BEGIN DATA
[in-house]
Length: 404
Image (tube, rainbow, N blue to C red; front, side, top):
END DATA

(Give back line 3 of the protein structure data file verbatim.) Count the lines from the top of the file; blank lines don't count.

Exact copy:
Image (tube, rainbow, N blue to C red; front, side, top):